A Dunkin Donuts worker gives a free cup of coffee to a Milford firefighter during the water crisis.

A Dunkin' Donuts worker gives a free cup of coffee to a Milford firefighter during the water crisis.

Michelle Laczkoski of the Milford Daily News staff reports that residents of Milford, MA are dealing with the townwide boil-water order weren’t the only ones on edge for the past two weeks. Local real estate agents and business owners say the water contamination caused some stress and financial strain.

Barry Feingold, president and CEO of the Milford Area Chamber of Commerce, said he’s been worried about how the boil-water order would impact area businesses.

“It was certainly more of challenge, especially for restaurants and the hospitality sector, just because of their dependence on water,” he said. “Any additional expenses that weren’t budgeted is an additional challenge during these economic times.”

One franchise coped with the water crisis in an inventive way.

Dunkin’ Donuts temporarily closed at least one location in Milford, but gave away freebies at five other stores in town.

McCall Gosselin, a spokesman for Dunkin’ Brands Inc. the parent company of Dunkin’ Donuts and Baskin-Robbins – said workers passed out free hot and iced coffee at numerous locations.

“Even with the water ban in Milford, we wanted to make sure we weren’t depriving them of their morning cup of Joe,” said Gosselin.

Gosselin couldn’t say whether sales were down.

Even businesses that don’t rely on water to produce their main products had to adjust.

At Subway on Rte. 109, customers were only given the choice to buy bottled soda and water. A machine that dispenses fountain soda and ice was off limits.

Customers dining at The Alamo Restaurant on Medway Road had the same option.

“We had bottled soda, ice, everything,” said manager Stephanie Emerian. “Customers hesitated at first, but we told them we boiled everything.”

Buying bottled items came at a cost, but restaurant owners were left without a choice.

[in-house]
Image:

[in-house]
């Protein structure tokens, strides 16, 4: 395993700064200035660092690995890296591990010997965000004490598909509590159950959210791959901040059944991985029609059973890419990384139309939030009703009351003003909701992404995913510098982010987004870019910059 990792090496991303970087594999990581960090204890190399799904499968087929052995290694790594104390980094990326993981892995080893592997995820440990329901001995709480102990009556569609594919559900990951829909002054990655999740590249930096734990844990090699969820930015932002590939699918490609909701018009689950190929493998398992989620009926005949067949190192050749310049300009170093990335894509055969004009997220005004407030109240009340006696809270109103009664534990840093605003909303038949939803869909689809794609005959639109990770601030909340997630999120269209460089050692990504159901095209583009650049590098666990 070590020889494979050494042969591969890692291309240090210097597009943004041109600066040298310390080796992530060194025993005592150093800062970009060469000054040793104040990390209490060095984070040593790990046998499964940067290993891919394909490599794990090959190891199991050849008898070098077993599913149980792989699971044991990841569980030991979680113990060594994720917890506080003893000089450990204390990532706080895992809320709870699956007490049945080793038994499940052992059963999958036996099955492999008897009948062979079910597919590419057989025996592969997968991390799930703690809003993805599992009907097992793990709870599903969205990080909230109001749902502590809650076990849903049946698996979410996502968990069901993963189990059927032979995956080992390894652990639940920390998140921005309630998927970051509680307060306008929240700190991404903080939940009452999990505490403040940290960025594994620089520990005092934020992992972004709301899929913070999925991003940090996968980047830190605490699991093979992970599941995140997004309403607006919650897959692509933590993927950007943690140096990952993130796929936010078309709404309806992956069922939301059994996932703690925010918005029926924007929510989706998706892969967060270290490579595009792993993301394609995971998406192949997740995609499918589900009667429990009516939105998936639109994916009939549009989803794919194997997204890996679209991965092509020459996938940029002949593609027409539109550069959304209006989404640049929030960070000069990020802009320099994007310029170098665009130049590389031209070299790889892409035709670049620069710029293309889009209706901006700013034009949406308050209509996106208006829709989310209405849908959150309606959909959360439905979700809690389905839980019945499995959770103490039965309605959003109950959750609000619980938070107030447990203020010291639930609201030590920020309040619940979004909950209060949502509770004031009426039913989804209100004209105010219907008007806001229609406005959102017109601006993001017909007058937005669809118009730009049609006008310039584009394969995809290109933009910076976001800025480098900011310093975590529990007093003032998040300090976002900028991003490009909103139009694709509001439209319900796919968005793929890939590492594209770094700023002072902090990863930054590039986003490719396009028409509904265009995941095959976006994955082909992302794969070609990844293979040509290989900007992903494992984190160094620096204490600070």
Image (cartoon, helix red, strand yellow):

“Now everything’s back to normal,” Emerian said. “It sure is a relief.”

Feingold said the water ban should not have produced “dire consequences” for local businesses.

“They certainly had a decrease in business because of all the press about what was going on in Milford. I’m sure some people did want to try a different restaurant or hotel over that period,” he said. “The good news is that because of all the testing you can say Milford probably has the most tested water in the state. And with the excellent reputation that a lot of restaurants have, they will get their customers to come back right away.”

Josh Lioce, owner of Realty Executive Lioce Properties in Milford, said the order “has come up in conversation, especially with pending sales.

“Luckily it hasn’t affected us in a negative way, as far as losing sales or walking away from deals,” he said. “Consumers looking to buy knew it was temporary.”

Still, the water contamination isn’t lost on prospective buyers, Lioce said.

“I do know there is increased concern about the ongoing standard of the water,” said Lioce, who does 90 percent of his business in Milford.

“Will be it be safe moving forward?” he asked. “I’m confident it will be corrected.”

Tony Pinto, owner of Pinto Real Estate, said he doesn’t think the water contamination turned away potential buyers.

“I don’t think it (has) made a big impact on any decision making for (those) purchasing a home,” he said.

Pinto told customers the contamination was a “temporary thing.”

“This is probably the only time its happened in decades,” he said. “It could happen to any town.”

Marilyn Brustin, owner of Brustin Realty in Milford, said potential buyers have not been discouraged.

“I know people who are selling that have gotten upset,” she said. “As a matter of fact, I’ve had more problems with big banks doing their job (than with the water ban).”